Camping with kids

Camping With Cubs (Kids) Part 2

January 28, 2015 Comments (0) Do's & Don'ts

Camping with Cubs (kids) Part 1

In this series I will be talking about some tips and tricks to getting outside with your little critters.  Traveling with kids can be challenging and in this series I will discuss: equipment, sleeping arrangements, entertainment and helping around the camp.

The trick about camping with cubs this age is quite simply having the right equipment.

Part 1 – Littlest cubs:  ages 0-1

With my kids we took them camping for the first time at around 4 months old.  This might sound overwhelming for new parents, but rest assured, this is much easier before they start walking!  The trick about camping with cubs this age is quite simply having the right equipment.


Equipment and Considerations:

1. Carrying your cub

You will NEED a baby carrier of some type, preferably a soft pack and not the metal frame hiking type.  While not really an endorsement the Ergo Baby Performance ( is my go-to carrier while out in the woods.  It is sturdy and easily adjustable and cleans up easily.  It isn’t cheap at $140 but I will say that I have gotten almost 4 years use out of mine and it is still going strong.  It isn’t the hippest carrier, but it does the job reliably and it fits all sizes of babes.  For babies over 6 months I prefer the back carry, especially around the camp and one of the benefits of this pack if you can choose front, back or hip carry.

So, why do you need a carrier with infants?  Two words – hands free…also, nap time…also warmth provider.  Carriers allow you to work around your camp without worrying what sort of trouble your little guy or gal is getting into and also allows you to actually, well, get work done. I don’t know about your kids, but mine would NEVER tolerate a playpen…and who wants to hear constant crying while you are trying to enjoy the silence of nature?  No one, that’s who! Toodling around on your back like a baby gorilla provides your child with a special type of entertainment and they get snuggles in at the same time.

In addition, I cannot tell you the number of times my little guys have just zonked out whilst in the pack, it’s magic!  And thirdly, often times the great outdoors is chilly and having your little bug snug as a rug on your back will provide peace of mind and miniature back heater for you!

2. A well-thought out sleeping situation.

Chances are you will want your baby to sleep right next to you. I have yet to find a bassinet or basket that I felt was warm or secure enough for my babes.  Dropping night time temperatures plus the added terror of your little cherub jumping ship and somehow crawling out of the tent and lost in the woods will be probably haunt you…oh, is that just me?? I digress.  A NOTE ON CO-SLEEPING:  I am assuming that since you have your child with you while camping that you aren’t going to get so intoxicated that it will be unsafe to your children. This being said, do your research on co-sleeping first before you attempt this if you are at all nervous. I have co-slept with all of my boys at one point or another and it has always been safe because I am educated on how to do it safely. This article is not a rant about the benefits of co-sleeping but in my opinion, if done safely and sanely, it will make camping a much more enjoyable situation for everyone. Again, I digress.  Here are two set ups I prefer:  two sleeping bags zipped together with sleeping pads or a blow up mattress with down comforter…posh, I know.  With either of these options make sure you bring extra towels that you can roll up to place either between the sleeping pads or the outside of the blow up mattress.  Kids roll all over the place and there is nothing sadder than waking up on the cold floor of a tent!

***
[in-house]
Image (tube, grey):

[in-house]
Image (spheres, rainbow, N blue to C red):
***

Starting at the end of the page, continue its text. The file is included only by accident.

**I do want to also note that I don’t recommend sleeping in a single sleeping bag with the babes, both for comfort and for safety reasons.**

3.Lots of easy to grab snacks.

I will cover how to make camping food easy for kids in a future episode, but the short list is: peanut butter sandwiches, pre-made and cut into pre-portioned pieces, fresh fruit or veggies, again cut and pre-portioned is the way to go, cheese and salami slices.  You will want things that are easy to hand over your shoulder to the critter on your back to keep them occupied while you are setting up the tent or cooking breakfast.  One other note on snacks…you can never have too many pre-prepared snacks so bring way more than you think is necessary.

This is just the first in our series on camping with kids and I hope this will encourage you to brave camping with your babes!  Do you have any tried and true camping with babies’ recommendations? Send them to: [email protected]


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